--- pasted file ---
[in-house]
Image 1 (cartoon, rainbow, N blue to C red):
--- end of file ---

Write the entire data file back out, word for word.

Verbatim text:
[in-house]
Image 1 (cartoon, rainbow, N blue to C red):